Understandably overshadowed by the Greece rescue agreement last week was the much smaller piece of news that Lady Ashton’s spokesman, Lutz Güllner, is stepping aside. He is departing just four months into her new job as Europe’s first foreign policy chief.
At first reading, this seems like further fallout from Lady Ashton’s rough early tenure, in which she’s come under attack for everything from a weak response to the Haiti crisis to a poor command of French. But I think it tells us something more. Read more
Two thoughts spring to mind when you consider the appointment of João Vale de Almeida, a Portuguese Eurocrat, as the European Union’s next ambassador to the US. The first is that the EU seems to be retreating from its experiment of placing a political heavyweight in Washington to speak up for Europe. John Bruton, the EU’s outgoing envoy, is a former Irish prime minister whose face was well-known in the White House and on Capitol Hill when he got the job in 2004.
Vale de Almeida is familiar to certain US officials – he has been the European Commission’s top liaison man for G8 and G20 meetings. But as a civil servant who started his career with the Commission in Lisbon back in 1982, he has never been elected to office, has never served as a government minister and altogether lacks the profile of someone like Bruton. Americans are already struggling to recall which two figures were chosen last year as the EU’s first full-time president and new head of foreign policy. Now they have a third obscure European name to remember. Read more
Whether it’s climate change, foreign policy or the increasingly alarming fiscal crisis, the European Union’s difficulties can be summed up in one word: disunity. After December 1, when the EU’s Lisbon treaty came into force, disunity was supposed to be a thing of the past. Instead, disunity has proved to be very much a thing of the present. What’s more, the Lisbon treaty may – at least in the short term – be making matters worse.
Take the world conference on climate change at Copenhagen in December. According to Connie Hedegaard, the EU’s incoming climate change commissioner, disunity – in the sense of a cacophony of European voices – was an important factor behind the ability of other powers to brush aside the EU’s views. “Those last hours in Copenhagen, China, India, Japan, Russia and the US each spoke with one voice, while Europe spoke with many different voices. Sometimes we spend so much time agreeing with one another that when finally the EU comes to the international negotiations, we are almost unable to negotiate,” she told her confirmation hearing at the European Parliament last month. Read more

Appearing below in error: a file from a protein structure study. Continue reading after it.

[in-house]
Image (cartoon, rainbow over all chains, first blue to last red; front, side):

Are they just teething problems? Or is something more serious at stake? One way or another, the first signs are emerging that the European Union’s new foreign policy structures, established under the Lisbon treaty that came into force last month, are capable of producing just as much discord and disharmony as the old arrangements.
Let’s take the EU’s response to the Haiti earthquake. Baroness Catherine Ashton, the EU’s foreign affairs supremo, convened an emergency meeting on January 18 at which the 27-nation bloc quickly and efficiently agreed a generous aid package for Haiti worth over 400 million euros. At a news conference after the meeting, she was asked if she would be visiting Haiti and, if not, why not. She replied that she wouldn’t be going, because the United Nations had requested her and other foreign dignitaries to stay away in order not to disrupt the emergency aid effort. However, Karel De Gucht, the EU’s outgoing humanitarian aid commissioner, would travel to Haiti. A perfectly sensible response. Read more